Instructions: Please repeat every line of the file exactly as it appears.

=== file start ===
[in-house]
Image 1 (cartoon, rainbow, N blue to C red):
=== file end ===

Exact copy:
[in-house]
Image 1 (cartoon, rainbow, N blue to C red):